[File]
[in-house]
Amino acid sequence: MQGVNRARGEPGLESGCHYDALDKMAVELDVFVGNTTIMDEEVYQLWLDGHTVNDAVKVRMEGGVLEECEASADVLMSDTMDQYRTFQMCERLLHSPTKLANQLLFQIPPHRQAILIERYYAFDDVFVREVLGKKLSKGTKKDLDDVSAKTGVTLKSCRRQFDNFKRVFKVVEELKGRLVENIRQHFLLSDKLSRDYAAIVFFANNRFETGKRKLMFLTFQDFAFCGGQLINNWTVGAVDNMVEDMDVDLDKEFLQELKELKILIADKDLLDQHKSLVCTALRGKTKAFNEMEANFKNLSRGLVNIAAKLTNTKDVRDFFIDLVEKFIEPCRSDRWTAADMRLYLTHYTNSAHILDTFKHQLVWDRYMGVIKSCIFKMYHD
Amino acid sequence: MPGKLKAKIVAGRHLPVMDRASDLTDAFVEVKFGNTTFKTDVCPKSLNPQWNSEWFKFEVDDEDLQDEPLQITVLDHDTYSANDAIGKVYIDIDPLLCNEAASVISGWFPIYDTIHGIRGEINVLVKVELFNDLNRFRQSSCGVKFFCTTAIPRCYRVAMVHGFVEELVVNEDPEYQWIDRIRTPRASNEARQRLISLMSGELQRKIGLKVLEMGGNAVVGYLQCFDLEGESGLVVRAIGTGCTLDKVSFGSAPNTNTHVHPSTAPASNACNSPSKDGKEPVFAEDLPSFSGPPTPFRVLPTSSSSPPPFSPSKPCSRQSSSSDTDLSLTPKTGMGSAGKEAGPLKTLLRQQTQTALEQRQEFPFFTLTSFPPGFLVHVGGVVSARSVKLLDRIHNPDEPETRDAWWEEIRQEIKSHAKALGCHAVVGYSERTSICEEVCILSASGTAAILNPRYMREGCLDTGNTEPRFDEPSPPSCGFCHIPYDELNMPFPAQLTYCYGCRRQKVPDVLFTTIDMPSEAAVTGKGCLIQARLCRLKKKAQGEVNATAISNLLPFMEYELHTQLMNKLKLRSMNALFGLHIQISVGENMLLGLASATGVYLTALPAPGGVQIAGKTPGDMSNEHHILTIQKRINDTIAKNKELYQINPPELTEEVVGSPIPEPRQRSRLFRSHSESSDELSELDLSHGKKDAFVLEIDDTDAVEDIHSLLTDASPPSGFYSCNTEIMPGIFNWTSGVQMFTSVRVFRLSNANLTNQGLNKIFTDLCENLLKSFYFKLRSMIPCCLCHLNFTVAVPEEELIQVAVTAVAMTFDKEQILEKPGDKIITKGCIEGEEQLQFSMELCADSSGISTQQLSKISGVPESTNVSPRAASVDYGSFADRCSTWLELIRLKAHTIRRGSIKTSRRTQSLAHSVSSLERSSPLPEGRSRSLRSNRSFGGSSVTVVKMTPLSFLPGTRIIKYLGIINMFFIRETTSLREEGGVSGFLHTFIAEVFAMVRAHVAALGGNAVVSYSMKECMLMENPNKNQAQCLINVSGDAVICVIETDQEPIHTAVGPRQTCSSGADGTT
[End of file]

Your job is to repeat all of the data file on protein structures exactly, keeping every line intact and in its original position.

[in-house]
Amino acid sequence: MQGVNRARGEPGLESGCHYDALDKMAVELDVFVGNTTIMDEEVYQLWLDGHTVNDAVKVRMEGGVLEECEASADVLMSDTMDQYRTFQMCERLLHSPTKLANQLLFQIPPHRQAILIERYYAFDDVFVREVLGKKLSKGTKKDLDDVSAKTGVTLKSCRRQFDNFKRVFKVVEELKGRLVENIRQHFLLSDKLSRDYAAIVFFANNRFETGKRKLMFLTFQDFAFCGGQLINNWTVGAVDNMVEDMDVDLDKEFLQELKELKILIADKDLLDQHKSLVCTALRGKTKAFNEMEANFKNLSRGLVNIAAKLTNTKDVRDFFIDLVEKFIEPCRSDRWTAADMRLYLTHYTNSAHILDTFKHQLVWDRYMGVIKSCIFKMYHD
Amino acid sequence: MPGKLKAKIVAGRHLPVMDRASDLTDAFVEVKFGNTTFKTDVCPKSLNPQWNSEWFKFEVDDEDLQDEPLQITVLDHDTYSANDAIGKVYIDIDPLLCNEAASVISGWFPIYDTIHGIRGEINVLVKVELFNDLNRFRQSSCGVKFFCTTAIPRCYRVAMVHGFVEELVVNEDPEYQWIDRIRTPRASNEARQRLISLMSGELQRKIGLKVLEMGGNAVVGYLQCFDLEGESGLVVRAIGTGCTLDKVSFGSAPNTNTHVHPSTAPASNACNSPSKDGKEPVFAEDLPSFSGPPTPFRVLPTSSSSPPPFSPSKPCSRQSSSSDTDLSLTPKTGMGSAGKEAGPLKTLLRQQTQTALEQRQEFPFFTLTSFPPGFLVHVGGVVSARSVKLLDRIHNPDEPETRDAWWEEIRQEIKSHAKALGCHAVVGYSERTSICEEVCILSASGTAAILNPRYMREGCLDTGNTEPRFDEPSPPSCGFCHIPYDELNMPFPAQLTYCYGCRRQKVPDVLFTTIDMPSEAAVTGKGCLIQARLCRLKKKAQGEVNATAISNLLPFMEYELHTQLMNKLKLRSMNALFGLHIQISVGENMLLGLASATGVYLTALPAPGGVQIAGKTPGDMSNEHHILTIQKRINDTIAKNKELYQINPPELTEEVVGSPIPEPRQRSRLFRSHSESSDELSELDLSHGKKDAFVLEIDDTDAVEDIHSLLTDASPPSGFYSCNTEIMPGIFNWTSGVQMFTSVRVFRLSNANLTNQGLNKIFTDLCENLLKSFYFKLRSMIPCCLCHLNFTVAVPEEELIQVAVTAVAMTFDKEQILEKPGDKIITKGCIEGEEQLQFSMELCADSSGISTQQLSKISGVPESTNVSPRAASVDYGSFADRCSTWLELIRLKAHTIRRGSIKTSRRTQSLAHSVSSLERSSPLPEGRSRSLRSNRSFGGSSVTVVKMTPLSFLPGTRIIKYLGIINMFFIRETTSLREEGGVSGFLHTFIAEVFAMVRAHVAALGGNAVVSYSMKECMLMENPNKNQAQCLINVSGDAVICVIETDQEPIHTAVGPRQTCSSGADGTT